Is AT&T playing by the rules, or breaking them with impunity?
The giant long-distance phone company is in an increasingly nasty feud with its competitors over fees paid on long-distance calls made with prepaid calling cards. And the Federal Communications Commission, which has to referee the dispute, has put it on hold for now.
The high-stakes squabble is over the difference between ordinary long-distance calls, for which long-distance companies have to pay intrastate connection fees to local phone companies, and those "enhanced" with advertising, such as the kind AT&T is selling to Wal-Mart Stores Inc. and other retailers.
AT&T insists that its "enhanced" prepaid card falls into the category of "information service," like caller ID or voice mail, a category exempt from intrastate and Universal Fund fees.
A portion of that revenue goes to the Universal Service Fund that helps support service to low-income customers and pay for services at libraries. AT&T, for instance, said it pays more than $1.5 billion a year to the fund on its basic long-distance service.
"If you are providing information to the end user, that's an information service," said Robert Quinn, AT&T vice president for government affairs. "When you call our platform, it is providing you the capability to retrieve stored data -- the ad."
Typically, the call is routed out of state from where it originates, goes to the computer "platform," then is connected in a separate call from there. In a few cases, all three parts of the call may be in the same state, and then the intrastate and Universal fees apply.
In a recent filing with the Securities and Exchange Commission, AT&T said it had "saved" $290 million in access charges since the third quarter of 2002 and about $150 million in fund contributions since 1999.
The disclosure infuriated AT&T's long-distance competitors and local phone companies who would have been collecting the access charges. They have been pressing the FCC to make up its mind whether this service qualifies as basic or enhanced.
"Our members feel if AT&T gets away with this avoidance in paying access charges and Universal Service support, who else will take advantage of this and why shouldn't they?" said Randy Tyree, director of legislative and industry affairs for the Organization for the Promotion and Enhancement of Small Telecommunications Companies, which represents more than 500 small phone companies in 47 states. "This sets a very bad precedent, and delay at the FCC continues to bleed the system."
Sprint, which has a calling-card business of its own and pays intrastate and Universal Fund fees, is particularly irked.
"AT&T's petition just won't wash. It hinges on the absurd proposition that transmission of unsolicited 'stored information' during call setup can transform a telecommunications service into an 'information service,' " Sprint told the FCC. It also threatened that if AT&T gets its way, Sprint would seek refunds from the Universal Service Fund as far back as 1998 for its prepaid calling cards.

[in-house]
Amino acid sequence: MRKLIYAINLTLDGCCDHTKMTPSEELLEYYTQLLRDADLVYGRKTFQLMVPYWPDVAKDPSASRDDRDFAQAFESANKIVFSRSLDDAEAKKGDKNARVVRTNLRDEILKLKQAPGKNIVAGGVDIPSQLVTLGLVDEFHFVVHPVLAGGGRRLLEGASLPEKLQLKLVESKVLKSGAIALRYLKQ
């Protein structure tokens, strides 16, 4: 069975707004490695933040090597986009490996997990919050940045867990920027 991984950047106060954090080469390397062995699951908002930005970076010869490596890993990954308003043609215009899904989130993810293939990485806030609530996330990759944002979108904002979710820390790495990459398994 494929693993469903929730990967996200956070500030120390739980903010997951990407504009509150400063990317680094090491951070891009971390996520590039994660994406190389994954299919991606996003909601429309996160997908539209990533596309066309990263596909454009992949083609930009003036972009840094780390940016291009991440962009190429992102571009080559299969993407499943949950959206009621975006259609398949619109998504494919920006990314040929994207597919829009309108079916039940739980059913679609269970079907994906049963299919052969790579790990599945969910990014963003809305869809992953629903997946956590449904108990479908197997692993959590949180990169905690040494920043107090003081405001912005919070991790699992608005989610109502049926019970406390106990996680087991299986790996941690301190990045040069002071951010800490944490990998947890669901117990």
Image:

Rep. John D. Dingell (D-Mich.), ranking minority member on the Energy and Commerce Committee, wrote to the FCC in June, asking the agency to act immediately on the AT&T petition and throw the book at the company.
"And when the Commission finds -- as it must -- that AT&T's actions have violated the Commission's rules, it should require not only that AT&T pay intrastate access charges and make USF payments . . . but also that AT&T make such payments retroactively to the date on which it implemented its self-help cost-avoidance scheme," the letter said.
AT&T, meanwhile, has used the calling cards to lobby its point. The Department of Defense, the United Service Organizations and members of Congress who want to keep calling-card rates low have gotten involved. The Defense Department has a special interest in the price of the cards since Congress authorized it to provide prepaid calling cards or other telecommunications support of up to $40 per month for service members.
"Should AT&T raise their prices for prepaid calling cards, this benefit would be eroded. We request that the impact on military personnel be considered in the Commission's proceedings," said a July 23 letter from Charles S. Abell, principal deputy in the Office of the Undersecretary of Defense, to the FCC.
AT&T said Wal-Mart asked it place a pre-recorded message on the cards, urging users to object to the extra charges. "To tell the White House you want pre-paid card rates to stay low, please call 800-696-6322," said the message that card users heard on July 19.
"If we don't do it, someone will come in behind us and take that business," AT&T's Quinn said. There are dozens of smaller companies that have sprung up to provide the calling card service, and many of them are structured not to pay the fees that AT&T feels it should not have to pay, either.
On July 2, FCC Chairman Michael K. Powell wrote back to Dingell, saying: "I expect that Order to be released in the near future. As a general matter, the burden is on carriers to offer their services in a manner that complies with the Commission's rules. A carrier that provides a service . . . that violates Commission rules may be subject to forfeitures or other enforcement measures."
AT&T's opponents said the lobbying caused the FCC to table the item after it appeared in July that at least two of the five commissioners, including Powell, would vote against AT&T.
FCC spokesman David H. Fiske said the delay wasn't an attempt to push the controversy past the November election. "During the review of the item, a number of additional legal and factual issues were raised and the staff is working on those issues. The item will be recirculated [for a vote] when those issues are resolved," Fiske said.